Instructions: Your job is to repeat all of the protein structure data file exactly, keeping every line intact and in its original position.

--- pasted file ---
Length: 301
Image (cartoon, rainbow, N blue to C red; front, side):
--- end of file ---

Length: 301
Image (cartoon, rainbow, N blue to C red; front, side):